var curCoords = controller.translateCoordinates(x, y);
    var deltaX = curCoords.x - lastMouseCoords.x;
    var deltaY = curCoords.y - lastMouseCoords.y;

    chart.updateSelectedNodesLocation(deltaX, deltaY);

    lastMouseCoords = curCoords;
},

updateSelectedNodesLocation is the view-model function that updates the positions of the nodes being dragged. It is trivial, simply enumerating selected nodes and directly updating their coordinates:

this.updateSelectedNodesLocation = function (deltaX, deltaY) {

    var selectedNodes = this.getSelectedNodes();
    for (var i = 0; i < selectedNodes.length; ++i) {
        var node = selectedNodes[i];
        node.data.x += deltaX;
        node.data.y += deltaY;
    }
};

There is no need to handle dragEnded in this circumstance, so it is omitted and ignored by the dragging service.

The clicked callback is new, it is invoked when the mouse down results in a click rather than a drag operation. In this case we delegate to the view-model:

clicked: function () {
    chart.handleNodeClicked(node, evt.ctrlKey);
},

handleNodeClicked either toggles the selection (when control is pressed) or deselects all and then only selects the clicked node:

this.handleNodeClicked = function (node, ctrlKey) {

    if (ctrlKey) {
        node.toggleSelected();
    }
    else {
        this.deselectAll();
        node.select();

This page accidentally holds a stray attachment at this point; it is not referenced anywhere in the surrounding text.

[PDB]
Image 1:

}

    var nodeIndex = this.nodes.indexOf(node);
    if (nodeIndex == -1) {
        throw new Error("Failed to find node in view model!");
    }
    this.nodes.splice(nodeIndex, 1);
    this.nodes.push(node);          
};

Notice the code at the end, it changes the order of nodes after each click. The node that was clicked is moved to the end of the list. As the list of nodes drives an ng-repeat, as seen earlier, it actually controls the render order of the nodes. This is usually known as Z order. This means that clicked nodes are always bought to the front.

Adding Nodes and Connectors

The UI for adding nodes to the flowchart is simple enough, I didn't spend much time on it. It is simply a button in index.html:

<button
    ng-click="addNewNode()"
    title="Add a new node to the chart"
    >
    Add Node
</button>

The ng-click binds the click event to the addNewNode function. Clicking the button calls this function that is defined in app.js:

$scope.addNewNode = function () {
    var nodeName = prompt("Enter a node name:", "New node");

    if (!nodeName) {
        return;
    }

    var newNodeDataModel = {
        // ... define node data-model ...
    };

    $scope.chartViewModel.addNode(newNodeDataModel);
};

The function first prompts the user to enter a name for the new node. This makes use of the prompt service which is defined in the same file and is an abstraction over the browser's prompt function. Next the data-model for the new node is setup, this is pretty much the same as the chart's initial data-model. Finally addNode is called to inject the new node into the chart's view-model.

Adding connectors is very similar to adding nodes. There are buttons for adding either an input or output connector. A function is called on button click, the user enters a name and a data-model is created before adding the connector to each selected node.